I knew ceviche was coming. To many it’s the most famous and exportable dish of Peru, and a requisite part of any tourist’s dining experience in the capital. What I didn’t expect was to be eating ceviche made of sole that had been caught just hours ago a few meters away from our group’s table by the sea in Chorrillos. And that’s when you realize Lima, the bustling capital of Peru, with its imposing size and cacophony of traffic, is perhaps unmatched in its ability to sustain a way of life that centers on tradition and locally sourced ingredients.
The stop here is just one among many on the food tour offered by the local bike company, Lima Bici. Once outfitted with your bike and helmet, the journey starts off in the Miraflores neighborhood, but you don’t stay here for too long. A guide will take you south towards Chorrillos via the Malecon, a pedestrianized pathway full of green parks that borders the Costa Verde, the steep cliffs that drop into Lima’s Pacific coast. It’s a pleasure to find a moment of serenity here in this chaotic city – in a place where motorized transport rules the streets, you wouldn’t think that you could take in the city via bike and breathe in the clean salty air wafting in from the ocean.
If you thought you knew ceviche, think again
After about 40 minutes of cruising via the Malecon from Larcomar, winding our way past the neighborhood of Barranco, we made our way down the cliffside path towards Chorrillos for our first stop at the Playa del Pescadores. If you’ve never been to Lima before and aren’t lucky enough to know a local or two, understandably you might be reluctant to visit a neighborhood like Chorrillos, a true working class district of Lima just south of Barranco. But then you’d miss out on the rare opportunity to eat the classic limeño dish the way it was meant to be eaten, and the even rarer opportunity to see firsthand how it makes its way from the sea to your plate, how it continues to form an integral part of the local economy here in this district.
After parking our bikes, we boarded a boat to take a 20 minute tour. While you take in more views of famous coastline, you can also catch the fisherman at work in their colorful wooden boats and observe the local ecosystem up close – giant pelicans flocking on a bed of rocks and a sea lion or two if you’re lucky. At the playa del Pescadores, the fishermen sell their catch of the day direct on the docks. And where there’s fresh fish there’s ceviche, and you have your pick among a row of restaurants just steps from the water.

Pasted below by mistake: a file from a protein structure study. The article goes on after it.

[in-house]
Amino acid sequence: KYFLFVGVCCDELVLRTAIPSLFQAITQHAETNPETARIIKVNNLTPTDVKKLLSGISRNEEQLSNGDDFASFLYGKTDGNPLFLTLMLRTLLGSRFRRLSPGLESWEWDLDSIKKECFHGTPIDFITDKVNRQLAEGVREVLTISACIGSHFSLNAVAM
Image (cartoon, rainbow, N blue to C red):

We had our first food stop at the cevichería Mary y Papo. As we feasted on their ceviche, made the traditional way with raw white fish (in this case lenguado or sole) marinated in lime juice, red onion, and chilis (usually ají limo) and served with a couple of slices of sweet potato and sprigs of culantro, our guide Tomas shared with us what makes the dish so special. First of all, it’s recommended that you eat it as early as possible in the day. I’m embarrassed to admit I’ve usually eaten ceviche at dinner, and while no one will stop you, most limeños know it’s best to eat it as early as possible in the day, as the freshness of the fish dictates the texture and flavors.
Maybe some rules ought to matter for a dish with such a history. One theory says that ceviche goes as far back as the pre-Incan Moche culture, when sour fruits and chilis were used to marinate the fish; this evolved over time with the coming of the Spanish, who brought citrus and onions. The modern-day version has its origins in the North, in Piura, where the limón is naturally cultivated and is now considered essential to making a proper ceviche. I don’t know if it was the experience of eating this right by the sea or hearing these stories, but the symphony of each of these ingredients became apparent as I took each bite – everything about it just seemed so right.
A cuisine rooted in history
With our bellies satiated for the moment, the second and last longer leg of the journey would take us back towards Barranco, where’d we do a bit of exploring on foot of the bohemian neighborhood and yes, continue eating. With our bikes parked near the main square, we crossed over to Juanito, a bodega bar that has been serving drinks and food to locals for over 70 years. As overused as this term is, old-school really is the best way to describe this place and its rustic decor. With bottles of piscos and other liqueurs lining the walls on both sides, alongside a few early 20th century antiques, you get the sense little has changed here over the years – tradition still reigns for a place located right smack in the middle of a very trendy district.